Peak District

/Peak District
  • Top 10 Walks: Peak District: Dales and Valleys
    This attractive pocket size book gives you the ten very best dale and valley walks in the Peak District. The White Peak is known for dramatic limestone gorges: convoluted pathways carved into its heart, where rearing pinnacles, dark caves and thundering rivers struck awe into seventeenth-century travellers. Still captivating today, they harbour rich woodland, wildflower meadows and disappearing and resurgent streams, one of the area’s strangest curiosities. Delightful Dovedale, once the haunt of the renowned anglers Izaak Walton and Charles Cotton, contrasts with Cave Dale, a gaunt, dry passage below Castleton’s Norman stronghold. But the Dark Peak has attractive valleys too, and different again is the Dane Valley, which cuts onto the Cheshire Plain from the gritstone moors.
  • Top 10 Walks: Peak District: Moors and Tors
    This lovely, pocket size book offers the ten best short circular walks to upland moors and tors across the Peak District. The uplands of the Peak bear the characteristics of hills rather than mountains: high, undulating plateaux dissected by deep, meandering valleys. Yet there is little uniformity; the seemingly remote moorland of the Kinder plateau is in sharp contrast to the gentler and lower upland heaths found farther south. These landscapes change subtly with the seasons and, for those who care to look, are rich in wildlife. There are birds, hares, and foxes; and in summer, adders and lizards bask in the sun while butterflies dance in the remotest places.
  • Top 10 Walks: Peak District: Walks with History
    This lovely pocket size book explores ten of the Peak District's most fascinating historic landscapes — from prehistoric monuments to Industrial Revolution ruins. Stone tools from Thor’s Cave indicate that man arrived in the Peak as the glaciers receded. More obvious are Bronze and Iron Age circles, burials and earthworks, as well as the scars of mineral extraction — begun by the Romans and continuing today. Some Peakland churches claim Saxon foundation, and by the Middle Ages there was an extensive network of tracks and settlements. Water powered the first industrial revolution, bringing roads, canals and railways, and in the fine country mansions, farmsteads, cottages and town houses there is a rich variety of vernacular and classic architecture.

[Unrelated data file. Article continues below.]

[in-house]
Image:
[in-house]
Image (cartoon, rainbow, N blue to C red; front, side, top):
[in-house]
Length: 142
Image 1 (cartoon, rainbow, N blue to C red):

• Top 10 Walks: Peak District: Rocks and Edges
    This attractive pocket size book will take you on short circular walks to the ten finest rocks and edges in the Peak District. Surprisingly for newcomers, the Peak District is almost devoid of anything resembling a traditional mountain peak (the name instead derives from the Old English paec, merely meaning ‘hill’). In reality, The Peak is a high, sloping plateau, cleft by deep valleys and winding ravines. In compensation, however, there are long runs of startlingly dramatic cliffs — here known as edges — and spectacularly weathered outcrops of rock, often referred to as tors. For rock climbers, they offer some of England’s finest challenges, while for walkers the views from the escarpments’ rims can be unforgettable.